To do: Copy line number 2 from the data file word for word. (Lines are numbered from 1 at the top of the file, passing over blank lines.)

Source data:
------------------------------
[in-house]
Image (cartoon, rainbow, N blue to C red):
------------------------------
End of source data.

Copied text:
Image (cartoon, rainbow, N blue to C red):